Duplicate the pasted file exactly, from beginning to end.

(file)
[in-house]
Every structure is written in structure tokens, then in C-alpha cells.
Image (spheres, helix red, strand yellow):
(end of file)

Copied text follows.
[in-house]
Every structure is written in structure tokens, then in C-alpha cells.
Image (spheres, helix red, strand yellow):